Facebook Marketplace users are at serious risk of phishing, identity theft and cyberattacks as hundreds of thousands of online accounts are leaked.
A massive data breach has exposed the phone numbers, email addresses and personal information of 200,000 users.
The data set, which MailOnline has confirmed is still available, is now on sale for cybercriminals to create targeted scams.
If you use Facebook Marketplace, experts assure you that it’s not too late to protect your personal data.
Jake Moore, global cybersecurity advisor at ESET, told MailOnline: “If you think you have been targeted, I would consider changing your password.”
Facebook Marketplace users have been warned to change their passwords and install two-factor authentication after a breach leaked the details of 200,000 accounts.
The data was posted on a hacking forum by a well-known cybercriminal operating under the alias IntelBroker.
In its post, IntelBroker stated: “In October 2023, a cybercriminal named “algoatson” on Discord breached a contractor who manages cloud services for Facebook and stole its partial user database of 200,000 entries.”
The leaked data contained a wide variety of personal information, including names, phone numbers, email addresses, Facebook IDs, and Facebook profile information.
The data has been verified as legitimate by beepcomputer who were able to match email addresses and phone numbers within the sample data.
InfoBroker is an extremely successful and professional hacker or group of hackers with a history of targeted breaches against high-profile targets.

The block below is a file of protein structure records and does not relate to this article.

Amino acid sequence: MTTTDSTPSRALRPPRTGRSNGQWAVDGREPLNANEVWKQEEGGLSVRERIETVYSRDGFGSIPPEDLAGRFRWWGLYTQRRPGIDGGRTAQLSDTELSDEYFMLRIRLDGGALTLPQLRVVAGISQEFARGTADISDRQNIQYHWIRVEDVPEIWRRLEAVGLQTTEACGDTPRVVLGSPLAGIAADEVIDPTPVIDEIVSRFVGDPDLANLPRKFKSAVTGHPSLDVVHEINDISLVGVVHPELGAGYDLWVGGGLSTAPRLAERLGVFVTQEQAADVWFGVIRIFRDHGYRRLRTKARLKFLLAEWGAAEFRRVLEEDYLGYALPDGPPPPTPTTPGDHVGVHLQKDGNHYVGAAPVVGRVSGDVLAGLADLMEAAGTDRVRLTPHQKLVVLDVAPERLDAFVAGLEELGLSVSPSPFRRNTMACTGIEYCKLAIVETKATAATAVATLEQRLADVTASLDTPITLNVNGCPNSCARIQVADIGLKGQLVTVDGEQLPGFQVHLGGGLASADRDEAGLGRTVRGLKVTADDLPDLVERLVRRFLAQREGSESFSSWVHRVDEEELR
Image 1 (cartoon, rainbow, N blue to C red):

Moore said: ‘The infamous InfoBroker has a track record of successfully breaking into networks.
“They have compromised health data before, so they have no morals or ethics, but they have also attacked HP and are looking for a lot of money as a result.”
The infamous cybercriminal IntelBroker leaked the database in a post on a hacking forum where he claimed that it had been stolen in October 2023.
He explains that this data would have been sold on the dark web for months for around $1 per data line.
Moore said: “This is a stark reminder that our data is a valuable currency, and the most up-to-date data is the most valuable to criminals.”
“Criminals can do a lot of damage with all the pieces (of information) when they put them all together from the dark web.”
Moore told MailOnline that the biggest concern is that cybercriminals could use this data to facilitate targeted attacks.
Particularly concerning are the 24,000 email addresses in the data set that have been linked to Facebook pages.
Moore explains that criminals can connect them with passwords that have previously been leaked to the dark web and use specific bots to hijack accounts.
He said: ‘Criminals today are looking for the chance to take over an account and they can do a lot with that.
“They might just take over a Facebook account to run ads, but sometimes they can get a little more nefarious and start messaging people from those accounts.”
In the worst case scenario, criminals can use your account to impersonate you and trick your friends and family into sending money.
Leaked phone numbers can also expose Facebook users to an attack called “SIM swapping.”
In these attacks, a criminal calls the mobile provider and impersonates a customer using details obtained from leaked data and public social networks.
They then convince the provider to transfer the phone number to a new SIM card.
To see if your accounts have been breached in the past, you can use sites like ‘Have I Been Pwned’, which check leaked databases.
However, these services will not have been updated with this breach data, so they will not be able to inform you of any recent breaches.
Moore recommends that you regularly update your passwords and avoid giving away too much information online that hackers can use against you.
It is also advisable to be very careful when dealing with unusual messages.
“If you receive emails, always think twice before clicking on a link and never disclose information about links that appear in emails and text messages,” Mr. Moore added.
Additionally, he recommends setting up two-factor authentication for all your accounts and using a strong authenticator app if possible.
Facebook has been contacted for comment.